Joe Nichols

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Joe Nichols
Nichols performing in 2009
Nichols performing in 2009
Background information
Birth nameJoseph Edward Nichols
Born (1976-11-26) November 26, 1976 (age 46)
OriginRogers, Arkansas, U.S.[1]
  • Vocals
  • guitar
Years active1996–present
LabelsRed Bow Records, Quartz Hill

Joseph Edward Nichols (born November 26, 1976) is an American country music artist. Between 1996 and 2001, he held recording contracts with the Intersound and Giant labels. In 2002, he signed with Universal South Records, now known as Show Dog-Universal Music.

Nichols began his career with The Rodeo Band, playing in high school gymnasiums and small clubs. Throughout the course of his career, Nichols has released nine studio albums: Joe Nichols (1996), Man with a Memory (2002), Revelation, A Traditional Christmas (both 2004), III (2005), Real Things (2007), Old Things New (2009), Crickets (2013), and Never Gets Old (2017). These albums have produced over 14 Top 40 singles on the Billboard Hot Country Songs and Country Airplay charts, including the Number One singles "Brokenheartsville", "Tequila Makes Her Clothes Fall Off", "Gimmie That Girl", "Sunny and 75", and the RIAA GOLD-certified single "Yeah", as well as five other Top 10 entries.

In October 2012, Nichols signed to Red Bow, a new partnership of Broken Bow Records and RED Distribution.[4]


Joe Nichols was born and raised in Rogers, Arkansas.[5] He was the second son born to Michael Curtis Nichols (May 29, 1956 - July 16, 2002) and Robin Larson Nichols. Joe has an older brother Michael Curtis Jr. and two younger sisters, Kelli Francis and Lacey Nichols. His father, who worked as a trucker, also played bass guitar in local country bands; eventually, Nichols himself found work in a local rock band, before taking a job as a country disc jockey.[1] Nichols has stated that his father is part Cherokee and his mother is part Comanche.[6][7]

Musical career[edit]

Nichols in April 2010

Through a meeting with record producer Randy Edwards, Nichols began to work on his singing and songwriting skills. At age 19, he was signed to his first record deal, with an independent label known as Intersound Records. There, Nichols released his first album, 1996's Joe Nichols. Despite the minor success of its lead-off single "Six of One, Half a Dozen of the Other" (which reached No. 74 on the RPM country charts in Canada), the album sold poorly and he was dropped from Intersound's roster. A second record deal, this time with Giant Records, was short-lived and did not produce any singles or albums.[1] After his short-lived record deals, he took many jobs in Nashville, including moving furniture, installing cable TV systems, and selling steaks door to door.[8]

1999–2003: Man with a Memory[edit]

In 1999, Nichols met Brent Rowan, a Nashville session guitarist who helped him land a recording contract with Universal South Records (which became Show Dog-Universal Music in December 2009). July 2002 was the release of his second album, entitled Man with a Memory. Its lead-off single, "The Impossible", became a No. 3 hit on the Billboard Hot Country Singles & Tracks (now Hot Country Songs) charts, and was declared by Billboard as the tenth most-played country song of 2003.[1] The same year, his debut album was re-issued under the title Six of One, Half a Dozen of the Other.[1]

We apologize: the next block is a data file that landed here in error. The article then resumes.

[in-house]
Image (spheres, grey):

Man with a Memory earned Nichols a Top New Male Vocalist award from the Academy of Country Music, as well as three Grammy Award nominations and platinum certification from the Recording Industry Association of America (RIAA).[1] Its second single, "Brokenheartsville", became his first No. 1 hit on the Billboard country charts in 2003, while "She Only Smokes When She Drinks" and "Cool to Be a Fool" both reached Top 20.[1] Also in 2003, Nichols received the Country Music Association's Horizon Award.[5]

2004–2007: Revelation, III and Real Things[edit]

Nichols spent most of 2004 on tour with Alan Jackson. In June of that year, he issued his third studio album, Revelation. It produced two Top Ten hits in "If Nobody Believed in You" and "What's a Guy Gotta Do", at No. 10 and No. 4 respectively. Later that same year, he also issued an album of Christmas music, entitled A Traditional Christmas. Four of the tracks from this album received enough airplay to enter the country charts.

III was Nichols' fourth album and was released in October 2005.[1] Its lead-off single, "Tequila Makes Her Clothes Fall Off," became his second Billboard Number One hit, and both the single and the album receiving Gold certifications from the RIAA. The album also produced the Top Ten hits "Size Matters (Someday)" and "I'll Wait for You", at No. 9 and No. 7, respectively. In 2005, Anna Nicole Smith met Nichols at the Grand Ole Opry and she became a fan.[9] After Smith's death, he performed two songs ("Wings of a Dove" and "I'll Wait for You") at her funeral service. Nichols joined Toby Keith on tours in both 2005 and 2006.

Nichols' fifth album, Real Things, was released in August 2007.[1] Its two singles, Another Side of You" and "It Ain't No Crime," were both Top 20 country hits. The album also included a cover of "Let's Get Drunk and Fight," which Canadian singer Aaron Lines released as a single in 2008.

2008–2011: Old Things New and It's All Good[edit]

Nichols released a new single, "Believers," to radio on March 27, 2009.[10] Written by Ashley Gorley, Wade Kirby and Bill Luther, it was the first single from his sixth album, Old Things New. The song failed to reach the Top 20, reaching a peak of number 26. However, the album's second single, "Gimmie That Girl," became Nichols' third Number One hit on the country charts in May 2010. The album's third single, "The Shape I'm In," was released in July 2010 and peaked at number 17 on the country charts.